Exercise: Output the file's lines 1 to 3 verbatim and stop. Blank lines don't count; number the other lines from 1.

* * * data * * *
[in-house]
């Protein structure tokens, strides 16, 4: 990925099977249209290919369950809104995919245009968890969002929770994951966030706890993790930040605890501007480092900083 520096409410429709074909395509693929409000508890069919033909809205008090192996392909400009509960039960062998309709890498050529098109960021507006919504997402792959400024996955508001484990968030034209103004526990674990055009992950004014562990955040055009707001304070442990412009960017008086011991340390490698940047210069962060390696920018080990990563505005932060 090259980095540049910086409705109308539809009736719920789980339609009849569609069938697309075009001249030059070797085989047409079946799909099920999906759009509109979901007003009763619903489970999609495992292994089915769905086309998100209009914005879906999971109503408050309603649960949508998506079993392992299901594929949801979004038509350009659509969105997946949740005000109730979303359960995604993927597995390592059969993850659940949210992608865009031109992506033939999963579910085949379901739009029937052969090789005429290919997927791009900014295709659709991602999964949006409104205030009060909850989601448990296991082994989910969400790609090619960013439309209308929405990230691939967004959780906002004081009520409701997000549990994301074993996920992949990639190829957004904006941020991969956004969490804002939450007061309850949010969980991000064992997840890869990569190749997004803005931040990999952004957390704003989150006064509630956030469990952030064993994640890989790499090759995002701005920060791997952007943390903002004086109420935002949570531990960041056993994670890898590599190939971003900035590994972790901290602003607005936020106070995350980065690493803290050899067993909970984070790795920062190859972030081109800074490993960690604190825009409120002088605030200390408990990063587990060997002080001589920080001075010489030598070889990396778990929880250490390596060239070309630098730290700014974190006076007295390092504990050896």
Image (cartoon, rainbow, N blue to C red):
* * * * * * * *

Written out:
[in-house]
């Protein structure tokens, strides 16, 4: 990925099977249209290919369950809104995919245009968890969002929770994951966030706890993790930040605890501007480092900083 520096409410429709074909395509693929409000508890069919033909809205008090192996392909400009509960039960062998309709890498050529098109960021507006919504997402792959400024996955508001484990968030034209103004526990674990055009992950004014562990955040055009707001304070442990412009960017008086011991340390490698940047210069962060390696920018080990990563505005932060 090259980095540049910086409705109308539809009736719920789980339609009849569609069938697309075009001249030059070797085989047409079946799909099920999906759009509109979901007003009763619903489970999609495992292994089915769905086309998100209009914005879906999971109503408050309603649960949508998506079993392992299901594929949801979004038509350009659509969105997946949740005000109730979303359960995604993927597995390592059969993850659940949210992608865009031109992506033939999963579910085949379901739009029937052969090789005429290919997927791009900014295709659709991602999964949006409104205030009060909850989601448990296991082994989910969400790609090619960013439309209308929405990230691939967004959780906002004081009520409701997000549990994301074993996920992949990639190829957004904006941020991969956004969490804002939450007061309850949010969980991000064992997840890869990569190749997004803005931040990999952004957390704003989150006064509630956030469990952030064993994640890989790499090759995002701005920060791997952007943390903002004086109420935002949570531990960041056993994670890898590599190939971003900035590994972790901290602003607005936020106070995350980065690493803290050899067993909970984070790795920062190859972030081109800074490993960690604190825009409120002088605030200390408990990063587990060997002080001589920080001075010489030598070889990396778990929880250490390596060239070309630098730290700014974190006076007295390092504990050896």
Image (cartoon, rainbow, N blue to C red):